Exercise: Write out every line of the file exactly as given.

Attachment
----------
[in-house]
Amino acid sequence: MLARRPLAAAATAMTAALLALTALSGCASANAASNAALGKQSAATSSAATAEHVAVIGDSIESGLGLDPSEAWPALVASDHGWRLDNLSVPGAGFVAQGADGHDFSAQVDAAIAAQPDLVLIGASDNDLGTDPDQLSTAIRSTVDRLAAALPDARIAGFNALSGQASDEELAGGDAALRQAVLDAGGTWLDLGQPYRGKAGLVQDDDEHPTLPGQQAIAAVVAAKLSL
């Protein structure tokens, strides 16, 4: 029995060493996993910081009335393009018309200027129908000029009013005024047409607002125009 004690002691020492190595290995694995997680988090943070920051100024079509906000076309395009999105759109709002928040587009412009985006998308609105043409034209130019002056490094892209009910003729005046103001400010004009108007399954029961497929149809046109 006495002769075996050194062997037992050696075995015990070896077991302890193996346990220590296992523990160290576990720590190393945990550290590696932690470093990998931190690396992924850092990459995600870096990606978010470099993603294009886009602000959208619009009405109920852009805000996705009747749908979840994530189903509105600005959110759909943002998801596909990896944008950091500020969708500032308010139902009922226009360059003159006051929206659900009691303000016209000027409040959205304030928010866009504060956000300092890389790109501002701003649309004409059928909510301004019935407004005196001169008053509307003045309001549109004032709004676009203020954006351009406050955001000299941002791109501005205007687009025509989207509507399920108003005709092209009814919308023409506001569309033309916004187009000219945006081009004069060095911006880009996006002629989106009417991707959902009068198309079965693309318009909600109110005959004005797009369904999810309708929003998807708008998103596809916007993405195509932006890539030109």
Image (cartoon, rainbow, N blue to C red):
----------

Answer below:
[in-house]
Amino acid sequence: MLARRPLAAAATAMTAALLALTALSGCASANAASNAALGKQSAATSSAATAEHVAVIGDSIESGLGLDPSEAWPALVASDHGWRLDNLSVPGAGFVAQGADGHDFSAQVDAAIAAQPDLVLIGASDNDLGTDPDQLSTAIRSTVDRLAAALPDARIAGFNALSGQASDEELAGGDAALRQAVLDAGGTWLDLGQPYRGKAGLVQDDDEHPTLPGQQAIAAVVAAKLSL
């Protein structure tokens, strides 16, 4: 029995060493996993910081009335393009018309200027129908000029009013005024047409607002125009 004690002691020492190595290995694995997680988090943070920051100024079509906000076309395009999105759109709002928040587009412009985006998308609105043409034209130019002056490094892209009910003729005046103001400010004009108007399954029961497929149809046109 006495002769075996050194062997037992050696075995015990070896077991302890193996346990220590296992523990160290576990720590190393945990550290590696932690470093990998931190690396992924850092990459995600870096990606978010470099993603294009886009602000959208619009009405109920852009805000996705009747749908979840994530189903509105600005959110759909943002998801596909990896944008950091500020969708500032308010139902009922226009360059003159006051929206659900009691303000016209000027409040959205304030928010866009504060956000300092890389790109501002701003649309004409059928909510301004019935407004005196001169008053509307003045309001549109004032709004676009203020954006351009406050955001000299941002791109501005205007687009025509989207509507399920108003005709092209009814919308023409506001569309033309916004187009000219945006081009004069060095911006880009996006002629989106009417991707959902009068198309079965693309318009909600109110005959004005797009369904999810309708929003998807708008998103596809916007993405195509932006890539030109």
Image (cartoon, rainbow, N blue to C red):